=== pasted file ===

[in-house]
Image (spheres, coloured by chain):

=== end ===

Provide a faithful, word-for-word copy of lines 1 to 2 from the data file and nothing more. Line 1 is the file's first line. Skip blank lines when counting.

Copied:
[in-house]
Image (spheres, coloured by chain):